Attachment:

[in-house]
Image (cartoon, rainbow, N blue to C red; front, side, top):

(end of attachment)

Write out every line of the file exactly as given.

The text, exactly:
[in-house]
Image (cartoon, rainbow, N blue to C red; front, side, top):